The son of former Illinois Comptroller Judy Baar Topinka struck out in court last month when a Cook County Circuit Court judge dismissed his law suit seeking to gain control of a little less than half of the money left in his late mother’s campaign fund.
Joseph Baar Topinka, the son and only child of the late longtime Illinois legislator, treasurer and comptroller, had sued his mother’s closest aide and the treasurer of her campaign fund, claiming that $341,618.52 should be handed over to him as the executor of his mother’s estate.
Judy Baar Topinka died in December 2014 one month after winning re-election to a second term as state comptroller. At the end of 2015 her campaign fund, Citizens for Judy Baar Topinka, still had $840,769.03 in its coffers.
In his lawsuit, Topinka claimed that $341,618.52 of the $840,769.03 left in the campaign fund should be given to him as executor of his mother’s estate, because that is the amount that was in the campaign fund as of June 30, 1998.
Prior to 1999 candidates could transfer money from their campaign funds to themselves for personal use as long as they paid taxes on the amount transferred. Now it is against the law to use or transfer campaign money for personal or family use.
In statement released by a spokesperson when he filed the lawsuit, Topinka told the Landmark that he wanted to use the money to promote “the educational endeavors of Illinois youth” and “to build a living memorial to my mother and her career by helping people become active in public affairs.”
Topinka has created the Topinka Charitable Foundation to continue that work.
Joseph Topinka also claimed that Nancy Kimme, his mother’s closest aide and now the chairwoman of the Citizens for Judy Baar Topinka, improperly received a payment of $25,000 for personal services from the campaign fund after Judy Baar Topinka died.
Kimme has said that was a payment for services rendered and that Judy Baar Topinka typically paid campaign workers stipends after an election.
Cook County Judge Anna Helen Demacopoulos dismissed the lawsuit on March 24, ruling that the court did not have jurisdiction over the case and that Topinka lacked the legal standing to bring the lawsuit.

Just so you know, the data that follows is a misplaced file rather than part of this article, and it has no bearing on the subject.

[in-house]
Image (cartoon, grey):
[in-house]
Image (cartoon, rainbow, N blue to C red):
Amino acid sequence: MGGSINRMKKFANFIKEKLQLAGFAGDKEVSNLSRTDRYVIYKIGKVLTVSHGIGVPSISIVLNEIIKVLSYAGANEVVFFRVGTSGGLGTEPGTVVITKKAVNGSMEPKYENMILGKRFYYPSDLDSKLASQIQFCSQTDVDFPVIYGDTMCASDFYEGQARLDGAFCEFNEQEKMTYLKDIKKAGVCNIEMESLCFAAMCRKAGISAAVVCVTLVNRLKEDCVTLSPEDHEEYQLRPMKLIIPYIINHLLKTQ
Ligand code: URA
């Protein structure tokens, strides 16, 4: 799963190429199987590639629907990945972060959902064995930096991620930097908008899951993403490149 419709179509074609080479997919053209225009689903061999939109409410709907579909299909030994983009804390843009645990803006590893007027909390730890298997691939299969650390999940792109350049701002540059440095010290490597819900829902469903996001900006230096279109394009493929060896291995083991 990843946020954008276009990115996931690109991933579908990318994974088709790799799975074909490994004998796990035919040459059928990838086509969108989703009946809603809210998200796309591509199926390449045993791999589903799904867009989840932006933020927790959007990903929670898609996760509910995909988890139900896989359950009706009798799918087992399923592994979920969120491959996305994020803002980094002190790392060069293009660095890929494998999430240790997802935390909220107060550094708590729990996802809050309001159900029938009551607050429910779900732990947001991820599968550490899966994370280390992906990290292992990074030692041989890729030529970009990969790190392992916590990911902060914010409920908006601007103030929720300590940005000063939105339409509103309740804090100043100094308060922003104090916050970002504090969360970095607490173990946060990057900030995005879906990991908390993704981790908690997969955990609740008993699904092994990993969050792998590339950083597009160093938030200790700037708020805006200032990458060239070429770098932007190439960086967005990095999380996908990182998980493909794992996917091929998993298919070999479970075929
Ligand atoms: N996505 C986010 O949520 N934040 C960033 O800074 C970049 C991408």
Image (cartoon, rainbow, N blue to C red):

Demacopoulos ruled that the matter should be decided by the Illinois State Board of Elections in under its procedures for an administrative hearing.
“Since plaintiff never made a financial contribution to the committee, he has no standing to seek its funds,” Demacopoulos wrote in her eight-page decision.
According to Chris Robling, a Riverside resident and the owner of a public relations firm who is acting as Joseph Topinka’s spokesman, the late comptroller’s son is preparing both an appeal of Demacopoulos’ ruling and will be filing an administrative complaint with the Illinois Board of Elections.
Riverside resident and former Cook County Commissioner Tony Peraica is the lawyer representing Topinka in the lawsuit.
Scott Burnham, of the Chicago public affairs public relations firm Serafin and Associates, is serving as the spokesman for Citizens for Topinka. He said he was pleased by the judge’s ruling.
“We were confident all along that the facts of this case were never in dispute,” Burnham said in a prepared statement emailed to the Landmark. “There is no evidence whatsoever that Comptroller Topinka’s son is entitled to money from his mother’s political committee. Comptroller Topinka never attempted to use any of the committee’s funds for her or her family’s use even though she had the option to do so for more than 15 years prior to her death. In fact, she gave specific instructions to the contrary upon the committee’s dissolution.”
The statement of organization on file with the Illinois Board of Elections specifies that any money left in the campaign fund when the Citizens for Judy Baar Topinka campaign fund is dissolved are to be transferred to the Riverside Township Regular Republican Organization.
The lead lawyer representing the campaign was Michael Kasper, a leading election lawyer who formerly served as general counsel to Illinois Speaker of the House Mike Madigan.